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Life Science Zurich Communication & Events

Global warming accelerates CO2 emissions from soil microbes

When Microorganisms decompose organic material in the soil, they actively release CO2 into the atmosphere. This process is called heterotrophic respiration. A novel model shows that these emissions could surge by up to 40 percent by the end of the century – most significantly in the polar regions.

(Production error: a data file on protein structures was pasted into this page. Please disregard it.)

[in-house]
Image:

Photograph: Keystone / Eye of Science

In brief

  • It is projected that by the end of the century, CO2 emissions from soil microbes will escalate.
  • Recent model estimates further show that microbial CO2 emissions in the polar regions will increase twice as much as in the rest of the world.
  • In cold regions, the primary driver behind the higher CO2 emissions by microbes is attributed to soil moisture, whereas in other geographical zones, the rise in temperature is associated with increases in emissions.

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